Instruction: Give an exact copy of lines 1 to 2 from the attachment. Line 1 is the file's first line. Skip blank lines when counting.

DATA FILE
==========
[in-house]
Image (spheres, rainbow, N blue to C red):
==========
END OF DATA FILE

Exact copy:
[in-house]
Image (spheres, rainbow, N blue to C red):